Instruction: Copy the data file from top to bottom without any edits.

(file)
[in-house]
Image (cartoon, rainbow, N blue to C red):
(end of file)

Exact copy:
[in-house]
Image (cartoon, rainbow, N blue to C red):